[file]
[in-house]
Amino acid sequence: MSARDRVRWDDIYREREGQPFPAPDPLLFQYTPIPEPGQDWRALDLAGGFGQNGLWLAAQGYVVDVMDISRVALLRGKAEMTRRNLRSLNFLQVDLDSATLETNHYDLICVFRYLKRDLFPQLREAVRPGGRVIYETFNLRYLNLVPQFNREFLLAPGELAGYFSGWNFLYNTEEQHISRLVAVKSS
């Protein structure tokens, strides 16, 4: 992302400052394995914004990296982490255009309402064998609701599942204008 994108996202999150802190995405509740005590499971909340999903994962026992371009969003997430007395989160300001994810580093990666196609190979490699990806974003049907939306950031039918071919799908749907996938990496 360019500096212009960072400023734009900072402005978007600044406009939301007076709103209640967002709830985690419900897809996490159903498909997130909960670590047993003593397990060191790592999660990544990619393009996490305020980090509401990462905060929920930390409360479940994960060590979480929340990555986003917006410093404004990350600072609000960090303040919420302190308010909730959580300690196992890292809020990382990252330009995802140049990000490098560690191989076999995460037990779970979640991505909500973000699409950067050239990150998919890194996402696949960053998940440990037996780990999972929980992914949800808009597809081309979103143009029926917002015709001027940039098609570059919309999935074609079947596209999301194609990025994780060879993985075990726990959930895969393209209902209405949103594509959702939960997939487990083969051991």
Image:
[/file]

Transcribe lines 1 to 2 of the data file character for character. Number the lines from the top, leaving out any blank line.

[in-house]
Amino acid sequence: MSARDRVRWDDIYREREGQPFPAPDPLLFQYTPIPEPGQDWRALDLAGGFGQNGLWLAAQGYVVDVMDISRVALLRGKAEMTRRNLRSLNFLQVDLDSATLETNHYDLICVFRYLKRDLFPQLREAVRPGGRVIYETFNLRYLNLVPQFNREFLLAPGELAGYFSGWNFLYNTEEQHISRLVAVKSS